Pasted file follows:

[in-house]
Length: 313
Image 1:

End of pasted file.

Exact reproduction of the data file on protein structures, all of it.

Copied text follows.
[in-house]
Length: 313
Image 1: